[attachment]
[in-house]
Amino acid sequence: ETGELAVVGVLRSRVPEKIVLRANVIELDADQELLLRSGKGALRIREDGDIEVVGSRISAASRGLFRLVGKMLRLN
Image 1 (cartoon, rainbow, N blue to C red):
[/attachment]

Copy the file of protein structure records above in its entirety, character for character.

[in-house]
Amino acid sequence: ETGELAVVGVLRSRVPEKIVLRANVIELDADQELLLRSGKGALRIREDGDIEVVGSRISAASRGLFRLVGKMLRLN
Image 1 (cartoon, rainbow, N blue to C red):